I’m “biast” (con): nothing
(what is this about? see my critic’s minifesto)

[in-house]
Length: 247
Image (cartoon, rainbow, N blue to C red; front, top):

It’s the last day of school before graduation, but philosophy teacher Mr. Zimit (James D’Arcy: Cloud Atlas) isn’t about to let his 20 seniors go without one more brain teaser. The students are superbright overachievers from around the world — they’re at an international school in Jakarta — so there’s only a hint of a grumble before they’re off into philosophical speculation. The scenario is this: Nuclear armageddon has arrived, and they have mere minutes to decide which of the 21 of them (the students plus Zimit) will hunker down in the convenient nearby radiation-proof bunker, which can sustain 10 people, and no more, for a year until it’s safe to come out. Plausibility isn’t a concern. The issue is: How best to choose from among the random skills and professions the students have picked from a hat to assemble a group of people who might be able to begin rebuilding civilization. You know, one’s an “organic farmer,” one’s a “carpenter,” one’s a “structural engineer”… but there’s one who’s a “poet,” another an “opera singer,” a third a “maker of gelato.” And so on. Gotta be sure to get a good mix of boys and girls as well as skills, too, because making babies is going to be a priority. Writer-director John Huddles makes fantastic use of spectacular Indonesian locations, such as the Hindu temple Prambanan, as the settings for the class’s group imagination, and it’s beyond thrilling to see a genre-busting story such as this one that combines drama, near-science-fiction, suspense, coming-of-age agita, and an intellectual exploration of ideas. The young cast, which includes Bonnie Wright (Harry Potter and the Deathly Hallows Part 2), Daryl Sabara (John Carter), Rhys Wakefield (The Purge), and Sophie Lowe, is great (as is D’Arcy, of course). It’s a shame, then, that After the Dark (formerly titled The Philosophers) completely loses its way in its final third. To be fair, there was probably no satisfying wrapup to be found here, because this isn’t a story: it’s a thought experiment designed to demonstrate that there aren’t always easy answers to tough problems, and sometimes there’s no single correct answer at all. Still, it didn’t need to go to a place that both contradicts its early — and very commendable — dedication to reason and logic and is actually sort of icky.